f) No, mine is the better!
g) OK, let’s say mine is the nicer.
h) And mine is stronger than.

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6.1.5  Adjectives, verbs, nouns, and adverbs can belong to word families. They look like they belong together, although they may have different suffixes, e.g.

Exercise 6.1.5

Complete the gaps in this word families diagram:

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6.1.6  There is an important group of adjectives which have both -ing and -ed endings, for example: amazing/amazed, boring/bored, etc. In general, we use -ing adjectives to describe things and -ed adjectives to describe how people feel, e.g. “He was bored.” / “The party was boring.” We can use so, very, or another intensifier to make the adjective stronger, e.g. “He was so bored.” / “The party was very boring.” / “I felt absolutely amazed!” / “The concert was too long.” etc.

Exercise 6.1.6

Add a suffix – either -ing or -ed:

a) The match was so bor-_____.
b) We were excit-_____ about the gift.
c) The sushi was disgust-_____.
d) My boss is annoy-_____ now.
e) The headphones were amaz-_____.
f) Jennifer was really surpris-_____.
g) Her reaction was surpris-_____.
h) By the end of the day I felt tir-_____.

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6.1.7  Adjectives can be strong or weak (sometimes called base). Strong adjectives are more interesting than weak adjectives, because they are more expressive – so it is better to use them when we can, e.g.

Remember that English is a rich language and many adjectives have synonyms (words that mean the same), e.g. the concert could be great, wonderful, fantastic, fabulous, terrific, magnificent, pleasing, and brilliant! Begin by learning weak adjectives, then their strong equivalents, then other synonyms.

Exercise 6.1.7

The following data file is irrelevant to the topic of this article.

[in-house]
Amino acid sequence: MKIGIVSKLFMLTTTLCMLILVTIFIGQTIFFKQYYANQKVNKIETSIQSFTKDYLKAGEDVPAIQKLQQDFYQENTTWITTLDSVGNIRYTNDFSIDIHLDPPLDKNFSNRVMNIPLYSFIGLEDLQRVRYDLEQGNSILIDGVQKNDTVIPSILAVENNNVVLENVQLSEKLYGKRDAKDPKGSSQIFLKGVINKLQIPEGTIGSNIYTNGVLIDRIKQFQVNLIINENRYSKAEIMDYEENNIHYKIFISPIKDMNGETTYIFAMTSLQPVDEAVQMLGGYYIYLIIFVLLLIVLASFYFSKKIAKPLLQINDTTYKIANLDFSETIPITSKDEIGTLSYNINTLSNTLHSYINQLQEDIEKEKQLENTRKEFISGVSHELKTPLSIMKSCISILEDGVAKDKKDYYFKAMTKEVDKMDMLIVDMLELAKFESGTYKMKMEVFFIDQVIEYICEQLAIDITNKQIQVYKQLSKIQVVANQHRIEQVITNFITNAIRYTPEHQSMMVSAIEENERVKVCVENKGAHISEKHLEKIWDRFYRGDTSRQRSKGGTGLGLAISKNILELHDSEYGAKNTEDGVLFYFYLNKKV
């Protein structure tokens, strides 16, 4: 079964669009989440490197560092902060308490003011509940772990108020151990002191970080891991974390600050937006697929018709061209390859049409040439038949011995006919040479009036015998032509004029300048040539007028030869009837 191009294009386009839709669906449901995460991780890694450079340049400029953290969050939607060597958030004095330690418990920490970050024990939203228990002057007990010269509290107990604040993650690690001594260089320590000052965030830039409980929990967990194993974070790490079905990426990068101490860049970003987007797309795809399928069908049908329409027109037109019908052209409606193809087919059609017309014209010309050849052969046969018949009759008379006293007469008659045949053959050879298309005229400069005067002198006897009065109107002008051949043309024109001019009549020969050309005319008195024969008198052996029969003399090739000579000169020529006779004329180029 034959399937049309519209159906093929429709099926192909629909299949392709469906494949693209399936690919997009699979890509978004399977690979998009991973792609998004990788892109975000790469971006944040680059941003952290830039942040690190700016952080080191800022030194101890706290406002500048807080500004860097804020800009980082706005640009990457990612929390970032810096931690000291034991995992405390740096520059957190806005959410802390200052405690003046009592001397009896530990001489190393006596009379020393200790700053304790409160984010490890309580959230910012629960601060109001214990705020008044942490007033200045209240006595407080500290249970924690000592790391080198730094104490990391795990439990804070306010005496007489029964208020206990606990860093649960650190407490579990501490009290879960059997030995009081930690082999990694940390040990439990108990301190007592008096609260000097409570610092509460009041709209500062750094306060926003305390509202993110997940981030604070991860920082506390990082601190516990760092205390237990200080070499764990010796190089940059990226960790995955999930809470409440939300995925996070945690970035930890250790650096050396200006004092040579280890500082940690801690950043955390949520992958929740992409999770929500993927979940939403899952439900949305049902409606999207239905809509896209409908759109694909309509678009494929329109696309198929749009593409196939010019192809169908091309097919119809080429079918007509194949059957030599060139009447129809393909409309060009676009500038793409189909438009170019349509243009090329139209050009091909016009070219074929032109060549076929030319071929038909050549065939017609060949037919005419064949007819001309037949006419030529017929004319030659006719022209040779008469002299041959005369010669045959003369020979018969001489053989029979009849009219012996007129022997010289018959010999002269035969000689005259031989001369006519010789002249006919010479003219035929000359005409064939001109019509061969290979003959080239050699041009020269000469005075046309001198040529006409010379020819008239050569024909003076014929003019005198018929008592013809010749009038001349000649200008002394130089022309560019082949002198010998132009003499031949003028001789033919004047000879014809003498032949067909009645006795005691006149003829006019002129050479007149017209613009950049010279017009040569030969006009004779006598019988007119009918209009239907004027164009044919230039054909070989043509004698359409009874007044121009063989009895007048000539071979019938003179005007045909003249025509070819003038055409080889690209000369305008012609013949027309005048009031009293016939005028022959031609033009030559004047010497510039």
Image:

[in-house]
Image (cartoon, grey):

Match the weak adjectives below with the following strong adjectives:

hilarious     priceless     freezing     ancient     unforgettable     silent     lovely     packed

a) cold __________
b) funny __________
c) old __________
d) quiet __________
e) valuable __________
f) nice __________
g) crowded __________
h) memorable __________

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6.1.8  When learning adjectives it is really useful to learn which prepositions they usually collocate (go together with) in different contexts. For example, we are “happy with” somebody or “happy about” something, rather than “happy on” or “happy above”. The material below can help you with adjective and preposition collocations.

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6.1.9  Further material for practising adjectives in English:

  • Basic Shapes – Adjectives
Basic Shapes – Adjectives

Basic Shapes – Adjectives

  • He Never Stopped Moaning! (adjectives gap-fill) – Answers: Big Resource Book, p.107

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He Never Stopped Moaning! (adjectives gap-fill)

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Find the Missing Syllables 1 – Adjectives

  • Translate Slang Phrases (Adjectives) into the IPA

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Translate Slang Phrases (Adjectives) into the IPA